Photograph by Michael Melford, National Geographic
The term "national park" conjures up thoughts of big, natural landscapes like Grand Canyon and Yosemite. But two-thirds of the National Park Service's 392 areas were created to protect historic or cultural resources, from colonial Boston to New Mexico's Chaco Canyon. And many of those parks lack the money and staff to use those resources to their fullest.
“We have an incredible collection of museum artifacts, and 45 percent of the Park Service collections have not even been catalogued,” says James Nations of the nonprofit National Parks Conservation Association (NPCA). “We’ve got stuff, and we don’t even know what we’ve got, and we don’t have places to store it. We’re missing opportunities to tell the story of America through our national parks.”
National parks protect the historic buildings in which America’s history was made, places like Independence Hall, Ellis Island, and the San Antonio Missions. But some of these hallowed edifices are crumbling and in desperate need of repair. They’re a big part of a $9.5 billion maintenance backlog that plagues the park system.
“We need to preserve and maintain those buildings because the stories are written in the stone and the bricks,” NPCA’s Nations says.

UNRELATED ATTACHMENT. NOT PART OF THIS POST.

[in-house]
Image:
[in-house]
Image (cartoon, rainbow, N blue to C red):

No park exists in isolation, and that fact is becoming increasingly clear as the areas surrounding parks are developed for living space, agriculture, mining, forestry, and more. The iconic species protected inside the parks don’t recognize boundaries and must often move in and out of the parks to feed, mate, or migrate. If larger ecological wildlife corridors can’t be maintained to include the lands outside of parks, many species may not survive within them either.
National parks are inviting places, especially for non-native species that can cause havoc once they move in. Plants and insects often hitchhike to our shores on boats or airplanes while other species, like snakes, are intentionally imported for the exotic pet trade. When turned loose with no competition, invasive species can run amok in an ecosystem and send a park’s native residents toward extinction.
More than 6,500 non-native invasive species have been found in U.S. national parks. Seventy percent of them are plants, which encroach on a staggering seven million acres (2.8 million hectares) of our national parklands.
A Canadian company hopes to site North America’s largest open-pit gold and copper mine right next to Alaska’s remote Lake Clark National Park. Uranium prospecting is currently under way on the rim of the Grand Canyon. Sugar producers have long fouled waters with phosphorus pollution and disrupted critical flows to the Everglades.
What happens on a park’s borders can dramatically impact the environment inside the park itself. Mining, petroleum prospecting, clear-cut lumbering, and other developments are generally prohibited inside parks—but they still pose serious threats to water quality, clean air, and other vital aspects of the park environment.